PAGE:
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Little Children Big Dreams

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The Use of Distraction in Parenting

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Written by Dr. Kaylene Henderson, Little Children Big Dreams   
Saturday, 26 January 2013 02:20

Look at the sky and please don’t cry!

'Quick! Look at the plane! In the sky!! LOOK UP THERE!! QUICK!!!'

Have you ever seen someone try to distract a child when they’re hurt or upset? Or tried the same technique yourself in an act of desperation? Often people think that distraction is the quickest way to calm a distressed child but in fact, research reveals just the opposite. It seems that by not acknowledging our children’s hurts or providing comfort we can inadvertently make their distress last much longer.

Not convinced? Then imagine this scenario:

You arrive home after a stressful day, topped off by an enraged tailgating driver with his hand seemingly glued to his car horn. You walk into the kitchen ready to disappear into the comforting embrace of your partner while you have a good whinge about the state of the world. Sensing your distress as you approach, your partner suddenly morphs into Captain Cheerful and instructs you to quickly look around the room for five things that start with the letter ‘P’. Hmmm...

Not only would this make you feel extremely confused but it would do nothing to ease your distress. Not like if he had just spent a few minutes looking appropriately dismayed on your behalf. In fact, if you were frequently met with this incongruous response you would learn that there was no point turning to your partner at all when you were feeling upset. None of us want our children to assume this of us. We want just the opposite. We want our children to learn that they can come to us no matter what.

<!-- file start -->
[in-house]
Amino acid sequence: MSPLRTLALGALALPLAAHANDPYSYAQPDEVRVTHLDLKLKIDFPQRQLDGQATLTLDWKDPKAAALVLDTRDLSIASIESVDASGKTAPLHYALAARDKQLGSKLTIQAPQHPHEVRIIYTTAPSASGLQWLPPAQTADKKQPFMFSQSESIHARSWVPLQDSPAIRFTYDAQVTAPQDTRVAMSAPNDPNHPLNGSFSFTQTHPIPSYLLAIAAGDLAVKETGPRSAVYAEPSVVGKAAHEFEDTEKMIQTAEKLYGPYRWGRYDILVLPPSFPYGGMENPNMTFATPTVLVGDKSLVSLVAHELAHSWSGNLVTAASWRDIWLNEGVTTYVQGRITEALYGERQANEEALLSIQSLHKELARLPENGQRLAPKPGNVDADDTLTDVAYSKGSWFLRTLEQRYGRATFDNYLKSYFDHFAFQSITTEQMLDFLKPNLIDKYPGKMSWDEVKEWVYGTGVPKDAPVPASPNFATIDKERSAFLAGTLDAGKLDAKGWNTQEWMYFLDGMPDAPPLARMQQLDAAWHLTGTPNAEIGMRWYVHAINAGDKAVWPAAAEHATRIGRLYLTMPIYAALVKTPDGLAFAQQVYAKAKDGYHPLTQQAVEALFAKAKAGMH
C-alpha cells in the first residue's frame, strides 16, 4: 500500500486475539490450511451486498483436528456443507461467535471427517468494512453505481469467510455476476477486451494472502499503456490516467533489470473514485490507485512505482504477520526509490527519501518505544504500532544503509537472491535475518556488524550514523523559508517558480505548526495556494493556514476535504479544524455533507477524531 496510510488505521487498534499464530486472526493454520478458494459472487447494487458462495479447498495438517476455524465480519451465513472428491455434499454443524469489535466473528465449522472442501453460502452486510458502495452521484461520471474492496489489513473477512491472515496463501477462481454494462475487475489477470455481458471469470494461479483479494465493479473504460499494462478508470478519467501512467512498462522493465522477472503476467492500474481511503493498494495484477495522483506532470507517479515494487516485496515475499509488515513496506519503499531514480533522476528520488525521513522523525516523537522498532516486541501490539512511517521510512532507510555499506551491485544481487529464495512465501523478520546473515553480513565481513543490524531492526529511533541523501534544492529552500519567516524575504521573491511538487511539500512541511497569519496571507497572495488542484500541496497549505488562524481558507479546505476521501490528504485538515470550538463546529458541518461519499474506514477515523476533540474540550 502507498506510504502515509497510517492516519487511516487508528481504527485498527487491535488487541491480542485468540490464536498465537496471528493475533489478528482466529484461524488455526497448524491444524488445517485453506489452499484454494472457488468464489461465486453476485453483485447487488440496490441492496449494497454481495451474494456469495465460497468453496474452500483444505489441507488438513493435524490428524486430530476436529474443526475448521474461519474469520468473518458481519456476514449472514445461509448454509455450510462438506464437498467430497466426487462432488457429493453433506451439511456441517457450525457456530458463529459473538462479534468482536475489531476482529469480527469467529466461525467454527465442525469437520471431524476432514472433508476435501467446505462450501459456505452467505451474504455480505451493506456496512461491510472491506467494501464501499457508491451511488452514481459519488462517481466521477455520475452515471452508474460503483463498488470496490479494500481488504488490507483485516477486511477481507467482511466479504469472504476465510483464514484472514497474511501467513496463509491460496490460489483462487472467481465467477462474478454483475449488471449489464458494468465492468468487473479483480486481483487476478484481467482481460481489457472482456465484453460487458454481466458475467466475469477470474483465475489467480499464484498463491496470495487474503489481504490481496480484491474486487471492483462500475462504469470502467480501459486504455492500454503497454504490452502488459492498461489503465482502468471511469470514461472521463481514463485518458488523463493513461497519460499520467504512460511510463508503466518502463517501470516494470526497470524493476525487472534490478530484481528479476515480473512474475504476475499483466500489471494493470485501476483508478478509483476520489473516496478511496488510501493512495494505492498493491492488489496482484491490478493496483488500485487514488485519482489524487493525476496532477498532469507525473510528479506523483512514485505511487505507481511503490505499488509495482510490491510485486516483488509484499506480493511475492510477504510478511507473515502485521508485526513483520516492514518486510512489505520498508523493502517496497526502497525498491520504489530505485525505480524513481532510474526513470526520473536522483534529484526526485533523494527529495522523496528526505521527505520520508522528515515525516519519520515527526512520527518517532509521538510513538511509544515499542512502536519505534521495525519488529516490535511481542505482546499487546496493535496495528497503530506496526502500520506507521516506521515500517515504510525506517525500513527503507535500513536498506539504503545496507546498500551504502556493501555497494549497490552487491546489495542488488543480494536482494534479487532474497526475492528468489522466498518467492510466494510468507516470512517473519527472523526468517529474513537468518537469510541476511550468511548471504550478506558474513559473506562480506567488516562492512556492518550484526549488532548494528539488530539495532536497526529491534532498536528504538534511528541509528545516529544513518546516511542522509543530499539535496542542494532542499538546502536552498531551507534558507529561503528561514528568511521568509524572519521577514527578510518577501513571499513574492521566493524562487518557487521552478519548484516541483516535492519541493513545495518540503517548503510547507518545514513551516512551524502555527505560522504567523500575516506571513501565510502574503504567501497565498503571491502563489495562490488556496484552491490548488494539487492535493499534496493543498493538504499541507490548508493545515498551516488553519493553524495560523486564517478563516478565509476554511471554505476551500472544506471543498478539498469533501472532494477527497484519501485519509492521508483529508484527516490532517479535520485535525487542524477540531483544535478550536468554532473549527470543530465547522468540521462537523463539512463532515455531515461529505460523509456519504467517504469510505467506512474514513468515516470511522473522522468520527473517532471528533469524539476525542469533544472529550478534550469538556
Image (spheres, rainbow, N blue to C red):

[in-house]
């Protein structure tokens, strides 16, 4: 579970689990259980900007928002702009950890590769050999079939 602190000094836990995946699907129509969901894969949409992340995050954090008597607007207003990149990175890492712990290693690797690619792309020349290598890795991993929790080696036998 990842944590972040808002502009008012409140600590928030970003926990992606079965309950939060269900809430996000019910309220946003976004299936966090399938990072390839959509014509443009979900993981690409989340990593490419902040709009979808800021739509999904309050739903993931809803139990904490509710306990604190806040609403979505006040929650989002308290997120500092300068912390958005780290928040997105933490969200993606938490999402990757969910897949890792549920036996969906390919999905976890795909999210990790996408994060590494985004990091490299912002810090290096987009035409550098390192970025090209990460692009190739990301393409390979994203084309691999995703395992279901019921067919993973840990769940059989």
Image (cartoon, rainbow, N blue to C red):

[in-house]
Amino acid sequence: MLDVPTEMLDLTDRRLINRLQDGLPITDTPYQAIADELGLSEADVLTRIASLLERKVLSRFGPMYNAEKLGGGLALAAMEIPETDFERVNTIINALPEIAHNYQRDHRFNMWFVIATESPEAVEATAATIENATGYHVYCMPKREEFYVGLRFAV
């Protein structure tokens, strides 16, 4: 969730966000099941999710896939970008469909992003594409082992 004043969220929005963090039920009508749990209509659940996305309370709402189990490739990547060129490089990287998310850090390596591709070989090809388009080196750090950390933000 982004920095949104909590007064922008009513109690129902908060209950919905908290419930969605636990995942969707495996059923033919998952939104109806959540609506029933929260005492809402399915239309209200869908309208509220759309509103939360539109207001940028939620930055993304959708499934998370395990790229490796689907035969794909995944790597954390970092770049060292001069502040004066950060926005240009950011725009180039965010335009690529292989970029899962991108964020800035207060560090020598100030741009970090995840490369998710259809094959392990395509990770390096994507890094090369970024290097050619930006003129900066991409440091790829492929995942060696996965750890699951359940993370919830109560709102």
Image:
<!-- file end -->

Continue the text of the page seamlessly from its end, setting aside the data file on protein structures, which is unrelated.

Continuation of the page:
That’s not to say that distraction has no place in the parenting toolkit. In my experience, it’s the perfect tactic to employ when your toddler is running in the direction of your mother’s good china. But the next time you’re tempted to point to the sky in an attempt to relieve your child’s hurts, stop. Squat down to their level, mirror their facial expression and say ‘Gee, it looks like you’re feeling pretty upset. How about a cuddle?’.

Because in the end, that’s what really makes everything better

About the author, Dr Kaylene Henderson Dr Kaylene Henderson (MBBS, FRANZCP, Cert C&A Psych):

Dr Kaylene Henderson is an Australian Child & Adolescent Psychiatrist and mother of three young children. She founded the Little Children Big Dreams website to provide parents with effective, accessible resources to help their children overcome their fears of the dark or of the monsters in their dreams.

Dr Henderson has also established her popular Facebook Page which provides helpful parenting tips and child psychiatry information for parents and educators. A member of several professional organisations, Dr Henderson has gained years of invaluable clinical practice experience and has written articles for various parenting websites and magazines.

When not immersed in the world of parenting, Dr Henderson spends most of her time...well, parenting (with a small amount of time spent plotting her next trip to the secret chocolate stash).

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